• GDPR forced Facebook's hand: With the advent of GDPR, companies are forced to notify affected customers about a data breach within 72 hours. Before GDPR, companies that were embarrassed  -- or just wanted to hide their poor security practices  -- could try to hide these breaches. This new world  -- thankfully --  forces companies to face their mistakes and fix them or show themselves as not caring about customer security and privacy. This means that the initial notification will lead to more questions than answers; it also removes the ability to hide behind "neither confirm nor deny" Glomar statements. Facebook is now on the hot seat to provide investigative details about what happened, when, and what was affected as a result. This level of transparency is impossible without regulation like GDPR and CCPA.
  • Customer app and service security is a requirement: Guy Rosen, Facebook's vice president of product management, explained the combination of bugs that led to the data breach in a call with the press today. I'm betting that on Monday morning Mr. Rosen did not expect to end the week explaining a chain of bugs that led to users receiving a forced logout notification. Product managers are often said to be "CEO of a product," which means they need to make security an executive priority. Securing your customer-facing applications, products, and services must become a product management priority, and security teams are here to help. Stay tuned for more research on this topic from us soon.

What To "Like" About Facebook's Breach

Take note of the following considering the Facebook breach:

  • Facebook has done a good job of responding... so far:  The details Facebook has shared have been specific and transparent. This response is in stark contrast to pre-GDPR responses, where  cover-ups and  too much time between  breach and notification were all too common.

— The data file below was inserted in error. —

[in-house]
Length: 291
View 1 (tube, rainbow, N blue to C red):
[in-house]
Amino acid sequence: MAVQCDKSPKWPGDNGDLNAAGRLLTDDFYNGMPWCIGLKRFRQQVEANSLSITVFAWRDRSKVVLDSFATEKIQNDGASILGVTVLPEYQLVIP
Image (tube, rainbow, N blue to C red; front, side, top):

• Platforms bring new risks.  Almost every business we speak with talks about enabling internal and external platforms. Increasing connectivity, agile development, and platform business models means breaches can rapidly expand in size and scope. Three software flaws allowed attackers to make use of the very nature of the platform to exponentially expand the initial attack and harvest those accounts. This is one of the risks that the platform economy brings to companies and highlights the increased importance of application security.
  • Security and privacy issues have a long tail.  As mentioned earlier, Facebook is still recovering from the beatings it received at the hands of government in the US and UK earlier this year. Just a few months later, a data breach occurs, consuming more bandwidth and attention from executives and practitioners. No one can doubt that Facebook has had to sideline internal projects and initiatives to scramble and deal with the issues this year presented for them. Facebook rose to prominence with a reckless disregard for user privacy, but karmic retribution arrived in 2018 in the form of whistleblowers, regulators, and hackers. Put simply, your company must pay attention to security and privacy now or face it later when inattention turns into emergency.

For information on how to survive a security breach, click here for Forrester's security architecture and operations playbook (subscription required).

This post originally appeared here.